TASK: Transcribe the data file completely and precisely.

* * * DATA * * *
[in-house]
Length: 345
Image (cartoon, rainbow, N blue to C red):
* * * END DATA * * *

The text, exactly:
[in-house]
Length: 345
Image (cartoon, rainbow, N blue to C red):